Notwithstanding the attention 5G garners, telecommunications companies—from large, diversified companies such as AT&T to smaller operators like Frontier Communications—still provide internet service to millions of customers over antiquated copper infrastructure. The traditional “playbook” used to manage these copper-based businesses was to run them for cash, merge them with similar assets to realize cost synergies, and use the cash generated to pay dividends to shareholders.
As an alternative strategy, investing to upgrade the copper networks to something more competitive was rarely seen.
This paradigm has changed recently, however, with a number of companies pivoting to aggressive investment programs to upgrade their copper plant to fiber.
Why the change in strategy?
- Copper is a dying technology; the speeds it provides are simply too slow to be competitive and the “tail” on the business is shorter than originally thought.
- Broadband-first models have enjoyed notable success, creating recurring, high-margin subscription-based revenue streams with attractive uptake rates in markets where they have been deployed.
- Upgrading to fiber “future-proofs” the network (there is no technological threat to fiber-based service).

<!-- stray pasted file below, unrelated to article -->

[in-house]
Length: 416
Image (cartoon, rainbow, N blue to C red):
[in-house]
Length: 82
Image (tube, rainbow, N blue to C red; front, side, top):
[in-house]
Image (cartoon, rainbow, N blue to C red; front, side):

- Multiples for fiber-based networks are robust.
We view this change in strategy as a positive for creditors. The cash currently being generated by the copper businesses is being invested to improve the network (a.k.a. our collateral), instead of paying out dividends to shareholders. And while there is near-term pressure on free cash flow as capital expenditures ramp up, we are comfortable with this trade-off to enhance long-term asset value.
We note that execution risks exists. Most critically, an assessment must be made regarding what portion of the legacy copper network can be upgraded, at what cost, and over what time period. While fiber-based data service is an attractive consumer proposition, there is a substantial “build and hope they come” element embedded within these projects. In addition, the evolving competitive environment, be it 5G technology or satellite-based broadband from companies such as SpaceX, points to potential competitive pressures in the future.
Notwithstanding the risks, we generally view these new fiber-upgrade strategies as an overall positive for creditors.